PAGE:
Shop Talk

Retailers, consumers and prices

House-made WHAT?

June 16, 2009

tapwater“Sparkling or still?”
 
Remember when that question, asked with a certain downward gaze, would make you feel like a tactless tightwad for requesting tap? Did you try to lessen the shame with a smile and a clever nickname, like “I’ll have ‘New York’s Finest’”?
 
Restaurants and hotels across the country are blurring the lines between these choices, as they stop serving bottled water due to a perception that it is environmentally unfriendly. Critics object to the waste left behind by the plastic and glass bottles, as well as the fuel and other natural resources used to manufacture and ship the bottles all over the world.
 
“In the world of trying to live in a more green, sustainable environment, I think water is the most obvious, simple thing that we can do,” said Joseph Bastianich, a business partner of Mario Batali and co-owner of restaurants including Babbo, Lupa, Esca and Del Posto.
 
Bastianich told Reuters he is in the process of phasing out water across all his restaurants, following in the footsteps of other environmentally-conscious restaurants like Alice Waters’ Chez Panisse in Berkeley, California.
 
bottled-waterIn its place, Bastianich is installing filters made by Natura Water, which purify a restaurant’s tap water and allow users to get still, sparkling or room temperature tap water. The restaurants can adjust the amount of carbonation, allowing them to tout the water as made in-house.
 
The Natura system, which comes with reusable water bottles for serving, can be rented for about $400 a month. 
 
Company founder Marco De Plano, whose customers also include L.A.’s  Ciudad, San Francisco’s Foreign Cinema and certain Four Seasons hotels, said that with prices of high-end bottled water bubbling as high as $10, high-traffic locations can recoup their losses quickly.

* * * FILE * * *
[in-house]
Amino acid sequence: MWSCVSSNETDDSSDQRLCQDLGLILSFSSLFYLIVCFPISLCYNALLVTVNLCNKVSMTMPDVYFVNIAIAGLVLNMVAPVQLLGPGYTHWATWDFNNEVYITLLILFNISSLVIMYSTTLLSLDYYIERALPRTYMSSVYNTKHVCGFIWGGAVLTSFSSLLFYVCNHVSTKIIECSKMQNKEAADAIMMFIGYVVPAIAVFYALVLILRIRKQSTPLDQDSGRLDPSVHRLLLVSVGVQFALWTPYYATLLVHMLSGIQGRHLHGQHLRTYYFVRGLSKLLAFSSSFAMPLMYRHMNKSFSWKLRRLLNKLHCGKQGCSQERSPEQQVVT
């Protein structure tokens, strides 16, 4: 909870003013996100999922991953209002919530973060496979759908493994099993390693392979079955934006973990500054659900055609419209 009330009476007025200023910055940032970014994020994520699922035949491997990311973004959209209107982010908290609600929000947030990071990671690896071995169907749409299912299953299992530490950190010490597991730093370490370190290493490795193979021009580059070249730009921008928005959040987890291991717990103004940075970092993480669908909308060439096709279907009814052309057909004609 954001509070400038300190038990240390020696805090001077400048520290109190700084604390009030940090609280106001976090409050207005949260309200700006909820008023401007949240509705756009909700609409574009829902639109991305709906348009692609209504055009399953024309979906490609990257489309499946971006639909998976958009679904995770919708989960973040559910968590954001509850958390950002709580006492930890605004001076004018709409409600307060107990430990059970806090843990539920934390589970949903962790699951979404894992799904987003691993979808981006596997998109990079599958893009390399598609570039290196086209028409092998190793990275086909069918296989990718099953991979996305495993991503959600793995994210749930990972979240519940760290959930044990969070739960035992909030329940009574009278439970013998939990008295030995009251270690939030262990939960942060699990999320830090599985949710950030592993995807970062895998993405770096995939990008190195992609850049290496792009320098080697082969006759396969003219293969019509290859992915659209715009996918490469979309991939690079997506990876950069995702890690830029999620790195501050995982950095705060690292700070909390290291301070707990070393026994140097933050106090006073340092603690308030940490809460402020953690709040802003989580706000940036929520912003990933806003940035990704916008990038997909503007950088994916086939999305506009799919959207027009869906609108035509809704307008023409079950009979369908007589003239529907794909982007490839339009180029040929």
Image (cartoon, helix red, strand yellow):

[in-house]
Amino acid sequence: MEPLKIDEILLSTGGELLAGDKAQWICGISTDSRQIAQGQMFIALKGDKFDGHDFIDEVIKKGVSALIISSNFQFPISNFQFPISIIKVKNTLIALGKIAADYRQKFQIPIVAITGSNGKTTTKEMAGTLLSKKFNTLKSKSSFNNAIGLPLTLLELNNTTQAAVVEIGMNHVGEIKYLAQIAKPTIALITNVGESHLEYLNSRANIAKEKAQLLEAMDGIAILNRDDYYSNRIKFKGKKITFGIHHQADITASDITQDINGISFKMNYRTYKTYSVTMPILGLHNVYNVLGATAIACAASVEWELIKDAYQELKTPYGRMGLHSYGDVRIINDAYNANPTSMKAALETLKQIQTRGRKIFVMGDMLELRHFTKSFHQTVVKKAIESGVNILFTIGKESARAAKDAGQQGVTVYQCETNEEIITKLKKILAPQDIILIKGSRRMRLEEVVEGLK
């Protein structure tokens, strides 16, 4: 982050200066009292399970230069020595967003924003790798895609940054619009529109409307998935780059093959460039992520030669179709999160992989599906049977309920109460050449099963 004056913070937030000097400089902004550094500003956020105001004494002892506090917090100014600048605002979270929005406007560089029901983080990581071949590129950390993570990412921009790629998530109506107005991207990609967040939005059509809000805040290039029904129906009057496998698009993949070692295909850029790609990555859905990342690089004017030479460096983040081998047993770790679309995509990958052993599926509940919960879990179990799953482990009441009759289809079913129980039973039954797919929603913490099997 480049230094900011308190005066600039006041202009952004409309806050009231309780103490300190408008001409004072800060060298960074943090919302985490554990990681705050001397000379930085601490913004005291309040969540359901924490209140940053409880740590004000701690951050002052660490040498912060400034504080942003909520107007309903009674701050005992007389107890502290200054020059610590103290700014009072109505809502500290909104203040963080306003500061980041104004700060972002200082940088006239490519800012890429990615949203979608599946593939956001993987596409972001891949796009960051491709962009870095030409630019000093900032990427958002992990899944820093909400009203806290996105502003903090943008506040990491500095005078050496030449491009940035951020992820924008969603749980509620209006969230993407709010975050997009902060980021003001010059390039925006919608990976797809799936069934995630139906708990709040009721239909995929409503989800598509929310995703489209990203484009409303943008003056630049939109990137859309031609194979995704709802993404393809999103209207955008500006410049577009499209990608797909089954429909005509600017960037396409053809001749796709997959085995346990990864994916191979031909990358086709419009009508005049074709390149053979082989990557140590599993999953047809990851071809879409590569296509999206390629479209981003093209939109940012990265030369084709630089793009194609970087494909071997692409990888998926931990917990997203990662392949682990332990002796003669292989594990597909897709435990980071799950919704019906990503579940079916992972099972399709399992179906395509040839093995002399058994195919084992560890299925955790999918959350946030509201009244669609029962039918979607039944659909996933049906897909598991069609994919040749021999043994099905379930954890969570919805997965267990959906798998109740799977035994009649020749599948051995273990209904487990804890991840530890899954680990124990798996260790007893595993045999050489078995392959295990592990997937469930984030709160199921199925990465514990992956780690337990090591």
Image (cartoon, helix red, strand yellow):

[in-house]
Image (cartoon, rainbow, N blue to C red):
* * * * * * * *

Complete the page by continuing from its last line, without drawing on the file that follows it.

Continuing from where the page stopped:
“When we started this a year ago, everybody was talking about the green aspect,” De Plano said. 
 
Bastianich says a liter of Natura water costs him about 50 cents and sells for about $4. That profit margin is slimmer than before, when he would pay about 80 cents for a liter of premium bottled mineral water and sell it for up to $9. 
 
“We think the loss of margin is an investment that’s very worthwhile making,” Bastianich said. 

The sacrifice to margins would lessen as sales of house-made water increase.

As the backlash against bottled water heats up across the country a host of local governments have cut bottled water out of their budgets.  Virginia, Illinois and New York are among the states that have banned buying bottled water with state funds.

(Photos: Reuters\Eric Thayer)

Comments

I can’t help but to roll my eyes and wonder still why anyone would want to pay $4 for bubbly tap water. If I am going to celebrate it is going to be with bubbly champagne, not water. Otherwise just plan ol’ water is fine by me – and you’re not going to charge me for THAT (altho you would like to, no doubt).

 

I totally agree with the comment above.
Green iniciatives took too long to conquer their space among civilizations.
Not only plastic and glass bottles polute but also the means of transportation behind their logistics.

Posted by Marcus Vinicius Pinto Schtruk | Report as abusive
 

Why isn’t anybody mentioning recycling? The water bottles are only a small percentage of all the glass and plastic used for packaging.

During a trip to The Netherlands I noticed that there where glass/plastic/paper recycling containers on almost every streetcorner, and from what I’ve heard its a total success. The knife cuts both ways, save the environment and sell the valuable end products.

 

You guys falsely assume people drink bottled water instead of tap. That is wrong. People are drinking bottled water instead of Coke and Pepsi. Bottled water has a MUCH lower environmental impact than soft drinks and is a heck of a lot healthier. Drink more bottled water!

Posted by Breck | Report as abusive
 

Interesting that they are using filter systems. The important part of making them effective is to change the filters. Students of mine once did a survey of filter users – some users had never changed them and in some cases there was more bacteria in the outgoing water than in the incoming water.

 

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